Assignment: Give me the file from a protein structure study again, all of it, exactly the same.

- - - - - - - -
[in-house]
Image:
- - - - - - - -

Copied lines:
[in-house]
Image: